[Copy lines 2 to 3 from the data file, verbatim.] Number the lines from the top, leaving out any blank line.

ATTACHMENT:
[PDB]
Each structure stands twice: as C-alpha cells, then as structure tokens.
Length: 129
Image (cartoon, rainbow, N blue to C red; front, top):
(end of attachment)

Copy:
Each structure stands twice: as C-alpha cells, then as structure tokens.
Length: 129